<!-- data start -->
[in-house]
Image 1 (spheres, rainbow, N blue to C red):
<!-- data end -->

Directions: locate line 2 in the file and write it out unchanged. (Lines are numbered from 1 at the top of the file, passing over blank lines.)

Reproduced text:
Image 1 (spheres, rainbow, N blue to C red):